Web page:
Exodus 20:10 - But the seventh day is a Sabbath to the LORD your God. On it you shall not do any work, you, or your son, or your daughter, your male servant, or your female servant, or your livestock, or the sojourner who is within your gates.
One of my favorite Bible verses is Isaiah 40:30-31: "Even youths shall faint and be weary, and young men shall fall exhausted; but they who wait for the LORD shall renew their strength; they shall mount up with wings like eagles; they shall run and not be weary; they shall walk and not faint."
Weariness is something we all experience, but its cause is not simply from overwork or having the weight of the world on our shoulders. The root cause of weariness is our disconnect with God, the One who loves us. We're disconnected because of our sin and guilt. This broken connection with the One who cares for us leaves us weary and worn out. And like Isaiah reminds us, even the strongest get overwhelmed, eventually.
But the God of heaven created us to be at rest with Him—not at odds with Him. He created us to be in harmony with Him—not out of tune, totally on our own. Though we don't have the power to fix this situation, God does. And He did so through His Son Jesus who gave His life to bring us back to the Father.
The Sabbath rest in Genesis reminds us that God desires rest and harmony for us, not weariness and discord. And by the way, such rest doesn't mean idleness. Life is meant to be lived—fully and vigorously—mindful of Him who created and redeemed each one of us to be His own.
A few years ago, we did an event at Lutheran Hour Ministries called "Run with the Rev." Yep, the Rev was me. Several people and I "trained" online for 12 weeks to run a half-marathon. On race day we gathered, put on our running shoes and T-shirts, and took off running. Guess what verse we had on the back of those shirts? That's right: Isaiah 40! It empowered each of us with a Sabbath-rest confidence throughout the grueling half-marathon.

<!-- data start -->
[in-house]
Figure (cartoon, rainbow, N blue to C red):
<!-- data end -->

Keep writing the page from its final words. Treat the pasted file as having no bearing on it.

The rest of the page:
But here's something else we found out that day: among the other runners participating, many were not Christian. They saw the Isaiah verse on the back of our shirts, and afterwards many of them came up to us at the finish line. One runner said, "Thanks for the verse. It was encouraging to see the words, and to see you running with that mindset. It helped me get to the finish line. Thanks again!"
That's God at work, isn't it? His Words of refreshment and rest are meant for everyone. There is hope and encouragement in His truth—no matter who you are or what your relationship is with Him. And how He wants all of us to turn to Him when we're weary and exhausted! Jesus, God's preeminent long-distance runner, said it best: "Come to Me, all who labor and are heavy laden, and I will give you rest. Take My yoke upon you, and learn from Me, for I am gentle and lowly in heart, and you will find rest for your souls. For My yoke is easy, and My burden is light" (Matthew 11:28-30). Amen.
From "Rest for the Weary!" a devotional message from Rev. Dr. Gregory Seltz, former Speaker of The Lutheran Hour
1. Do you prefer team sports or individual athletics? Why?
2. Why do you think God would give mankind a day of rest each week?
3. Do you take time and turn to Jesus for rest and refreshment when you're tired?
To Download Devotion MP3 to your computer, right click here and select "Save Link As" or "Save Target As" or "Download Linked File As"